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EU-New Zealand: Council gives final green light to free trade agreement

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The Council today adopted a decision on the conclusion of a free trade agreement (FTA) between the EU and New Zealand. This decision clears the path, on the EU side, for the entry into force of the agreement.

Once New Zealand also completes its legal requirements and procedures, the agreement can enter into force, probably in early 2024.

EU-New Zealand free trade agreement

The FTA will liberalise and facilitate trade and investment, as well as promote a closer economic relationship, which will open significant economic opportunities for companies and consumers on both sides.

The EU is New Zealand’s third biggest trade partner. Bilateral trade in goods between the two partners has risen steadily in recent years, reaching almost €9.1 billion in 2022.

Once the agreement enters into force, bilateral trade is expected to grow by up to 30% thanks to this deal, with EU annual exports potentially growing by up to €4.5 billion. EU investment into New Zealand has the potential to grow by up to 80%. The deal can cut some €140 million a year in duties for EU companies in the first year of application.

The agreement, once in place, will:

  • eliminate all tariffs on key EU exports to New Zealand such as pigmeat, wine and sparkling wine, chocolate, sugar confectionary and biscuits
  • open New Zealand’s services market in key sectors such as financial services, telecommunications, maritime transport and delivery services
  • ensure non-discriminatory treatment for EU investors in New Zealand and vice versa
  • improve access for EU companies to New Zealand government procurement contracts for goods, services, works and works concessions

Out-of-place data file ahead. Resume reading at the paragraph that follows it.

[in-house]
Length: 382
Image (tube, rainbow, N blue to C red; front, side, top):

• protect close to 2000 EU wines and spirits such as Prosecco, Polish Vodka, Rioja, Champagne and Tokaji
  • protect 163 of the most renowned traditional EU products (Geographical Indications), such as Asiago, Feta, Comté or Queso Manchego cheeses, Istarski pršut ham, Lübecker Marzipan or Elia Kalamatas olives
  • facilitate data flows, predictable and transparent rules for digital trade and a secure online environment for consumers
  • prevent unjustified data localisation requirements and maintain high standards of personal data protection
  • help small businesses export more through a dedicated chapter on small and medium enterprises
  • reduce compliance requirement and procedures to allow for the quicker flow of goods
  • protect and enforce intellectual property rights, aligning these with EU standards, according to commitments by New Zealand

New generation bilateral agreements

The EU-NZ Free Trade Agreement is the first agreement to fully integrate the EU’s new approach to trade and sustainable development (TSD) which was endorsed by the Council in the conclusions of 17 October 2022.

It includes a dedicated sustainable food systems chapter, a dedicated trade and gender equality article and a dedicated provision on trade and fossil fuel subsidies reform.

The deal also liberalises green goods and services at entry into force.

In case of serious violations of core labour principles or of the Paris Agreement, the FTA foresees sanctions as a last resort.

Background and next steps 

The European Union concluded negotiations for a comprehensive and ambitious trade agreement with New Zealand on 30 June 2022.  The agreement was signed on 9 July 2023.

The European Parliament, as stipulated in the TFEU, gave its consent to the conclusion of the Agreement on 22 November 2023.

Once the agreement has been ratified by New Zealand, and the two sides notify each other about the completion of their internal procedures, it can enter into force.

The entry into force will take place on the first day of the second month after both sides confirm they have completed legal requirements and procedures, or on another date agreed by the parties.

Source: Consilium

EU Briefs publie des articles provenant de diverses sources extérieures qui expriment un large éventail de points de vue. Les positions prises dans ces articles ne sont pas nécessairement celles d'EU Briefs.

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